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5 Lessons From Coronavirus That Will Help Us Tackle Climate Change

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Figueres was executive secretary of the United Nations Framework Convention on Climate Change from 2010 to 2016, is the co-founder of Global Optimism, co-host of the podcast “Outrage & Optimism” and is the co-author of the recently published book, “The Future We Choose: Surviving the Climate Crisis.”

Could the devastating impact of the new coronavirus pandemic destroy the momentum that the climate movement has built up over the last year? Some say so, fearing that the economic fallout will push climate down the list of priorities for governments, and that travel restrictions will force a delay to the U.N. climate conference.

That can’t happen. What brought us to this point of unprecedented interest in taking climate action is climate change itself. We have witnessed huge, record-breaking fires and floods, from California to Siberia, all in the space of one year. Sadly those negative impacts will continue, both in frequency and intensity. If we thought we could forget about it, I’m sad to say, nature will remind us.

In fact, I believe the last few weeks, as terrible as they have been for so many people, have taught us crucial lessons that we needed to learn in order to enter a new era of radical, collaborative action to cut emissions and slow climate change. Like everyone else, I can’t believe we’ve learned these five lessons in a matter of days.

Global challenges have no national borders. Some people used to think that they would be immune to global crises like climate change unfolding “on the other side of the world.” I think that bubble has burst. No one is geographically immune to the coronavirus and the same is true for climate change.

As a society, we’re only as safe as our most vulnerable people. During the COVID-19 outbreak, the elderly and those with health conditions are more vulnerable to the coronavirus and the poor are more vulnerable to its economic impact. That makes us all more vulnerable too. That lesson has taken us into a space of solidarity that we’ve never seen before. We are taking care of each other both out of altruism and because we want to make sure that we’re safe. That’s exactly the thinking we need to deal with climate change.

Global challenges require systemic changes — changes that can only be activated by government or companies. But they also require individual behavioral changes. We need both. We have seen over the past few weeks that governments can take radical action and we can change our behaviour quite quickly.

Prevention is better than cure. It’s cheaper and safer to prevent people from catching and spreading the virus than to attempt to treat huge numbers of cases at once. That’s always been the case in the health sector. And in climate change it is much better to prevent runaway temperature rises than to figure out how to deal with the enormous consequences.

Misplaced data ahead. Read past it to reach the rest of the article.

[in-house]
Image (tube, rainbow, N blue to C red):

All our response measures need to be based on science. There are a lot of myths around coronavirus, just as there are a lot of myths around climate change. But the countries and individuals basing their responses on what the health professionals are saying are doing better. Likewise on climate change we must take action in line with what the science tells us, rather than following myths or misinformation.

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Of course, there are also key differences with COVID-19 that make responding to climate change a more positive experience. The coronavirus needs to be addressed through personal isolation, while the climate needs to be tackled through coming together and collaborating. Social distancing measures have caused economic paralysis, while our response to climate change should actually strengthen and improve the economy.

Governments and financial leaders are already considering recovery packages for an economy so badly hit by the virus. Surprisingly, these decisions will be the most important decision on climate change. If investments to kick start the paralyzed economy are directed into high carbon assets and industries, we will lock out our current potential to bend the curve of emissions this decade. On the other hand, with interest rates at an all time low, political and financial leaders now have an unprecedented historical opportunity to accelerate the energy transition putting us onto a safe path toward a 50% reduction of emissions by 2030.

I hope that the shock of this pandemic will jolt people out of their desire to ignore global issues like climate change. I hope our growing sense of urgency, of solidarity, of stubborn optimism and empowerment to take action, can be one thing that rises out of this terrible situation. Because while we will, eventually, return to normal after this pandemic, the climate that we know as normal is never coming back.

This article is part of a special series on how the coronavirus is changing our lives, with insights and advice from the TIME 100 community. Want more? Sign up for access to TIME 100 Talks, our virtual event series, featuring live conversations with influential newsmakers.

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